The Holistic is never at ease with forcing two into one, only at ease with a shift in direction that increases the flow of communication.
I agree – synthesis isn’t forcing two into one. It’s not, “fine, let’s have hot dogs and pizza”. It’s more like, “it’s time we stopped having dinner together” or “both our choices are actually bad for us, so it’s time we started eating salads”
The result is still a solution.
By forcing two into one, I refer to the Linear concept that a third truth somehow solves two opposing truths. To the Holistic, no solution ever works because those truths still exist. They can never be proven wrong because, remember, the holistic sees the totality of everything all at once. In that snapshot appreciation of duality, all points-of-view maintain their truthiness—throughout the narrative, from beginning to end. Therefore, all one can do is balance the flow of those truths.
There is no solution.
The Matrix is a perfect example of the Holistic approach to resolving inequity. Personal truths are held up against natural skepticism from beginning to end, with no solution that saves the day. Only an intention. A beginning to believe.
Again, this is different from the interpretation I always took from the Matrix, but I’m open to the possibility that I just never really understood the movie properly. I will say that seems a little out of step with the movie itself, which is so often positing pretty strong philosophical perspectives about reality vs non-reality.
There is a difference between what characters talk about and what is driving narrative conflict.
There is a difference between Theme and Subject Matter.
As characters within a story, we could be talking about the indignities of border control and internment camps. But what drives our conversation is an argument between certainty and potentiality. I’m confident that illegal immigrants lead to higher instances of crime, while you see the potential of hostile hospitality to create even greater evil.
Many would assume Safety or Compassion to be the Theme of such a conflict, but they’re not. Safety and Compassion are simply the topics of Thematic consideration. It’s what you want to say about Safety or Compassion that determines Theme.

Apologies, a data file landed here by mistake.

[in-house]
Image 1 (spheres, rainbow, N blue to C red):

When discussing these topics, we could just be arguing about certainty or potentiality. Or we could be exploring the difference between cause and effect. I want to stamp out the roots of terrorism, while you focus on the impact of people fleeing third-world countries. Or we could even be arguing a motivation door logic vs. a motivation for feeling. If we let everyone in, then we’re vulnerable—versus the strength of vulnerability that comes from caring for everyone.
Regardless of the specifics, those Elements drive the narrative and determine the order of thematic concerns within a story. Certainty and Potentially are Theme. Safety and Compassion are Subject Matter.
The characters in The Matrix spend an excessive amount of time talking about reality vs. non-reality, but what are the Authors saying about those conversations?
That’s where you’ll find the necessary information to structure a story.
Are the Authors saying what you’re seeing can never fully align with the objective reality of things? Or are they saying perception and reality are simply a matter of juggling your disbelief with a little faith?
Are they arguing that you need to begin to believe?
Both synthesis and subject matter play into the development of a dramatic argument. The former requires Authors to dig deep into their creative intentions and unearth the real purpose of their writing. Is it to explore this area of human experience, or is there something you want to say about this particular part of life?